There is no such thing as a typical day for Dani DeBoice.
Running between fundraising events, meetings and her office, she tackles big social issues such as children’s literacy one moment, homelessness the next and everything in between from education and the environment to hunger and the arts. And she’s not even in politics. In fact, she works for a bank.
As manager of corporate citizenship for First Calgary Savings — a credit union with the philosophy of “leading, learning and living in our city” — DeBoice pushes the limits of the company’s corporate social responsibility by following that mantra wholeheartedly. It’s also part of the reason she has her hand in so many causes.
“I love the city and I love having the opportunity to help make it a better place everyday,” says the born-and-raised Calgarian.
Armed with a job that gives her the licence to “give away money,” DeBoice oversees the company’s various community partnerships, donations and sponsorships. In fact, last year, DeBoice got to give away hundreds of thousands of dollars. And beyond just committing dollars and cents, First Calgary Savings encourages volunteerism among its employees.
“We try to be actively involved in the programs so we’re aware of them and, when implementing change, we can make suggestions and help to be a part of their active social change in the city,” says DeBoice.
This means she is involved not only in giving donations but also at a hands-on, grassroots level with a wide array of non-profits and groups including Volunteer Calgary, Big Brothers Big Sisters, Timeraiser and WordFest, and in developing long-term strategic plans with them, too.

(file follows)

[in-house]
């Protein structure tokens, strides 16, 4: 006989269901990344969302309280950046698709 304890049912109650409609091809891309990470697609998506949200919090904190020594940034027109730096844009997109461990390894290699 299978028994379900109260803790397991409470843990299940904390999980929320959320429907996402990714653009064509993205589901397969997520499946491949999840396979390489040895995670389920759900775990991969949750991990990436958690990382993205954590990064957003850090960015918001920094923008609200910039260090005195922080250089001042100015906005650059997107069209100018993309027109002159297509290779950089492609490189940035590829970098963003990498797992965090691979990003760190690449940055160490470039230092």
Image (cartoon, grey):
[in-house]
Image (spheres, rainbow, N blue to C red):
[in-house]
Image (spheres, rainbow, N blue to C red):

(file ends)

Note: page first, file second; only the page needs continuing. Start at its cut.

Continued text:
As a result of DeBoice’s work in community outreach, First Calgary Savings has received many accolades, including recognition from the Calgary branch of the United Nations Association in Canada, Imagine Canada and numerous Mayor’s Excellence Awards.
When it comes to her own individual contributions, DeBoice juggles her full-time job with at least 24 volunteer hours every month. She sits on the art selection committee for the volunteer coordinating agency, Timeraiser, and was an in-school mentor for four years with an elementary school child through Big Brothers Big Sisters.
“Mentoring gives me the opportunity to give back to someone, to spend one-on-one time with that person and hopefully influence their life in a small way,” DeBoice says.
This past summer, DeBoice also stepped into the role of Volunteer Calgary’s board of directors chair. She now has her sights on inspiring the next generation of leaders and encouraging others to get involved. Even in Calgary — the volunteer capital of Canada — DeBoice acknowledges volunteerism can still be a hard sell.
“People are busy and trying to fit in volunteerism is hard,” she says. “But volunteering is as much about what you’re able to give back as what you get out of the opportunity. It’s a great way to make a difference.”